Millennial Engineers Think Everything’s a Game

July 27, 2017
How gamification is shaping serious industries and changing the world in which we live.

Whining about Millennials has become a pastime. Some (generally older) people say they have no work ethic, play awful music, and all want participation trophies. The increase in gamification is strongly associated with this generation, reinforcing the view that Millennials don’t want to work if they aren’t having fun and gaining some type of satisfaction.

Seeing this younger generation having fun and turning serious work into games has prompted the usual responses: “Grow up, be more professional.” “You need to take this more seriously.” However, so long as humans follow the path of least resistance and greatest pleasure, the results speak for themselves. Gamifying task incentives people to recycle more, subscribe to company newsletters, and do things they might not normally want to do. And having seen the result of gamification, as well as advances in gaming technology, the older generation seems to be getting over its grumpy state.

For example, doctors are using the same controls on the Da Vinci surgical system to play video games. Even though there are actual Da Vinci simulators, just playing regular videogames with the controls has led to increased proficiency and doctors training for longer periods.

But is it all just a game, or can gamification be used as a serious problem solving tool?

The answer is as simple as, well, playing an internet game. Fold It is an online game about protein folding. With 49,000 people playing over a ten day span, the game unlocked a structure of a complex protein that  had accomplished what stumped scientists for 15 years. Understanding the protein structure was imperative to developing lifesaving drugs to combat HIV.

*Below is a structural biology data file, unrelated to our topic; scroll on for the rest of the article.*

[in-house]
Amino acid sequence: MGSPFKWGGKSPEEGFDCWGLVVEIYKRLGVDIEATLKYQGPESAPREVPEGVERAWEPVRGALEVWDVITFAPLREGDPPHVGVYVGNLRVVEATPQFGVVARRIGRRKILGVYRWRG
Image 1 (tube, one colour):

This is how gamifying is changing industry today, but one industry has been into gamification for decades.

The movie “Edge of Tomorrow” was what DARPA might want to turn into a reality. The movie shows a soldier going through a war. When he dies, like a video game he restarts, learns from the error that killed him and progresses further through the war. Generally, there are two types of military gaming. War gaming is to develop tactics and strategies. By using artificial intelligence the military can create a virtual enemy and run simulations on how to beat it. This will be great training for when AI takes over. In addition, games are used for training. Simulations are able to put a soldier in multiple situations in varying environments. The goal is to have soldiers ready for anything.

With gamification playing such a big role in multiple industries, perhaps thinking everything is a game isn’t something to whine about. After all if “All the world’s a stage, and all the men and women are merely players,” today playing games is changing the stage.

About the Author

Jeff Kerns | Technology Editor

Studying mechanical engineering at Rochester Institute of Technology (RIT), he worked in the Polymer Research Lab. Utilizing RIT’s co-op program Jeff worked for two aerospace companies focusing on drafting, quality, and manufacturing for aerospace fasteners and metallurgy. He also studied abroad living in Dubrovnik, Croatia. After college, he became a commissioning engineer, traveling the world working on precision rotary equipment. Then he attended a few masters courses at the local college, and helped an automation company build equipment.

Growing up in Lancaster County, PA he always liked to tinker, build, and invent. He is ecstatic to be at Machine Design Magazine in New York City and looks forward to producing valuable information in the mechanical industry. 

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